Hospital details drug thefts

The theft ring at Parkland Hospital in Dallas was discovered and self-reported to all appropriate agencies by Parkland's director of pharmacy services, Vivian Johnson, according to a letter the hospital sent to the State Board of Pharmacy.

In that letter, obtained by Healthcare Risk Management, the hospital explains that once Johnson discovered the thefts, Parkland conducted its own investigation and spent about $1.3 million in system upgrades, additional security measures, and an independent review by Ernst & Young.

The Parkland Police Department's investigation at the Parkland Prescription Center led to the arrest and indictment of Sharron Benson, a pharmacy technician, who confessed to the diversions at the prescription center, according to the hospital's letter. Benson has been indicted and is awaiting trial. The police investigation at the Parkland Community Oriented Primary Care Southeast Pharmacy led to the arrest and indictment of several Parkland pharmacy technicians, a drug dealer, and the husband of one of the technicians, according to the letter.

"These individuals were involved in a conspiracy to steal controlled substances from Southeast and sell them on the street," the hospital's letter says.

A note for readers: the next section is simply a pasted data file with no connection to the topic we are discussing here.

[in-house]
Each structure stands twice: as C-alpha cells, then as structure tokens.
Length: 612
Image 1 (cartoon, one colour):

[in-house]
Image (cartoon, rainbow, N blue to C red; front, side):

The pharmacist in charge of the prescription centers was fired for alerting the pharmacy technicians that they were being investigated, the hospital reports. That pharmacist was one of the people arrested.

Parkland tells the State Board of Pharmacy that the losses were not the result of a failure to properly oversee the pharmacies. At the time of the loss, the sites of the theft had cameras, locked controlled substance cabinets, card access for cabinets and entrances, and comprehensive policies and procedures that conformed with federal and state law, the letter says.

"Some criminally intentioned individuals simply decided to steal," the letter explains.

Parkland emphasizes in the letter that it had discovered the drug theft on its own, conducted an investigation, and terminated five employees. The hospital has already spent more than $1 million to prevent a recurrence of the drug theft, and it has implemented a significant loss prevention program that included the hiring of a drug diversion officer.